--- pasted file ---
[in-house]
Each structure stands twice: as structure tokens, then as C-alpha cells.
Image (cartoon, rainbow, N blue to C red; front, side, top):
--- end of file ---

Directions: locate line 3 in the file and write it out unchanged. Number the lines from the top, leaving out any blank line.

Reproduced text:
Image (cartoon, rainbow, N blue to C red; front, side, top):